Trader Joe's Most Searched For Food Item Might Surprise You

There's no denying it: people love Trader Joe's. In early 2019, Fox Business reported that the grocery store was named the number one grocery store chain for US shoppers for the second year in a row. Trader Joe's is largely known for their wide and affordable selection of items, particularly those from their in-house brand. Of all the items Trader Joe's sells, which ones are searched for more frequently? The answer may surprise you.

In February 2020, the workplace software company WorkWise took a look at the Trader Joe's items people in every state have been Google searching for the prior year. Every state has their own product preference, of course, but one produce item kept taking the number one spot. Indeed, Brussels sprouts were the most searched-for Trader Joe's item in 16 states last year, making the vegetable the most searched-for item overall.

According to WorkWise, the other frequently searched-for Trader Joe's items were the Everything But the Bagel seasoning, the Sublime Ice Cream Sandwich, avocados, and plantain chips. WorkWise notes that healthier foods like vegetables seem to be more sought-after these days, as their findings the year prior included more frozen foods, sauces, and desserts.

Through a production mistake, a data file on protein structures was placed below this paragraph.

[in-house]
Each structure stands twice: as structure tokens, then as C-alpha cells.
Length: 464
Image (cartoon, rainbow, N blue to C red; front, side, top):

Brussels sprouts are rising in popularity

Trader Joe's isn't the only place where people are searching for Brussels sprouts. The small, green, cruciferous vegetable has been enjoying a resurgence for several years now. In 2018, Vegetable Growers News reported a "dramatic" increase in the vegetable's popularity, with demand for fresh Brussels sprouts surpassing that of frozen. Brussels sprouts have become so popular that growers have been struggling to keep up with demand, per Vegetable Growers News.

The fact that Brussels sprouts are healthy (and delicious, when handled correctly) isn't the only reason for its rise in popularity. According to NPR, Brussels sprouts actually taste better now than they used to, thanks to some crafty Dutch plant breeders. The reason the sprouts's former reputation involved bad smells and children refusing to eat them is, per NPR, due to their unmistakably bitter taste.

NPR explains that in the '90s, a Dutch scientist discovered the component responsible for the vegetable's bitterness. That scientist collaborated with Brussels sprout seed sellers to breed a variety of sprout that was consistently tasty, not bitter. Clearly, it worked.